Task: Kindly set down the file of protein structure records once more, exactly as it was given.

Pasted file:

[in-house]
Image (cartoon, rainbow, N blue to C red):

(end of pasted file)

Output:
[in-house]
Image (cartoon, rainbow, N blue to C red):